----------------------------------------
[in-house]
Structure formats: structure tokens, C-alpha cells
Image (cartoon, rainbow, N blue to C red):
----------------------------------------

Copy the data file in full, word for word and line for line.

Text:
[in-house]
Structure formats: structure tokens, C-alpha cells
Image (cartoon, rainbow, N blue to C red):